Video signals rely on a complex, synchronized timing of information across all broadcast, playback and recording environments. Tiny changes in this timing can therefore affect the stability in a video signal, causing what are known as ‘time base errors.’ These errors take on the form of “flagging” or flagwaving at the top of the screen, “skewing” error at the bottom of the screen, or an interspersed, horizontal “tearing” of the image throughout the picture area.
Several causes of time base error include sudden changes in tape tension, uneven capstan rotation, and/or variations in speed throughout the tape path. The degradation of tape itself can also contribute to time base error. Tape that has been stretched or otherwise compromised can suffer from longitudinal error (often seen in environments where tape cleaning machines are used) and transverse error, or inconsistencies in a tape’s width.
Can it be fixed?
A Time Base Corrector (TBC) will help counteract time base error by storing lines of video and retrieving them again at a rate matching a signal’s “correct” horizontal sync. Time base error can also be corrected during playback by adjusting a video deck’s tape tension using the skew control. Poorly maintained video decks that suffer from such things as variations in tape speed, head speed and uneven capstan rotation can contribute to time base error.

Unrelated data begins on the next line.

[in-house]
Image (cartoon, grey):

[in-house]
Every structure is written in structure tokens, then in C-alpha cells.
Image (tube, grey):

Three conditions caused by time base error - flagwaving, skew error, and tearing. Source: Global Village flyer, ca. 1980.
Johannes Gfeller, Agathe Jarczyk, and Joanna Phillips, “Lengthwise Tape Expansion or Shrinkage” in Compendium of Image Errors in Analogue Video (edited by Swiss Institute for Art Research, Zürich: Scheidegger & Spiess, 2012), p.60, videos 9 and 10.